Middle-earth Armies lists

It is safe to say that J. R. R. Tolkien is personally responsible for the enormous growth in the popularity of fantasy (once upon a time called legend and mythology). He set out to create for himself a world of new mythology, complete with its own languages. He succeeded better than anyone else has done since. It is also safe to say that the vast majority of fantasy worlds that have come along since the Middle-earth cycle are virtual ripoffs of Tolkien’s original thinking. His own mythology partook heavily of the Scandinavian, Germanic and Celtic myths, reworked into a new mold of his own choosing. No one has done it better. That is why you will find orcs, hobbits, elves, dwarves and so forth resident in most if not all fantasy works (and gaming worlds) since The Hobbit and The Lord of the Rings became well-read. Sometimes, the authors have the decency to at least rename the critters; but often they don’t even bother to do that. You will find all of Tolkien’s races by the same names in many, many sets of war-gaming and role-playing rules. So, I shall do likewise. But at least I do not place the Middle-earth races in anything other than their “original” setting.

The following has reference to The Art of War war-game rules.

Special rules for this “period” only:
1. Creatures larger than cavalry or chariots will use bases which are appropriately sized. The frontage will be some multiple of the standard base frontages. CVs will also be multiples of the base frontage used. Quadrupeds will use the cavalry CVs, and bipeds will use infantry CVs. For example: a huge troll might be based on a 40mm frontage and depth. This is equal to four 20mm infantry bases, or a total CV = 44 if you count trolls as plate infantry. Man count is the same: in this example the troll base would take 240 hits before being eliminated by missile fire, even though the actual number of trolls would be considerably less than this, probably around a dozen or so.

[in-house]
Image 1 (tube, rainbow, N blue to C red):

2. Műmakil – the larger-than-life pachyderms of Tolkien’s mythos – are all cataphract targets when being shot at: their fortified crews are +3 to the needed roll targets. The Műmakil base has a CV=30 per 40mm of frontage and depth. Because of their enormous size, increase their crew "hits" to 180 (3 bowmen or javelinmen 20mm bases per Műmak), and the Műmak "hits" to 240. In all other respects, Műmakil are treated as elephants and use the elephant rules.

3.Trolls & giants: Trolls are regenerative. This is reflected by a saving 1d6 roll: "Trollmen" save on a 6; Cave or Mountain trolls save on a 5,6; Stone trolls save on a 4,5,6. A "save" negates all missile hits and eliminated results in melee combat: it is rolled immediately, and you may not save up "save" rolls or transfer them from one troll base to another. Giants are not allowed saving rolls, but in all fairness are potentially far larger than trolls, and therefore would have bigger combat values and wider, deeper bases: the bigger the giant, the higher his "armor" class should be: at the very least, it should be considered as "light" (even if he is buck-naked), and can go all the way up to "cataphract" for really huge giants ("Time Bandits"-size!).